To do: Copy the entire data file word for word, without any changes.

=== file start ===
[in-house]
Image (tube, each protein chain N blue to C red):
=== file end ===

[in-house]
Image (tube, each protein chain N blue to C red):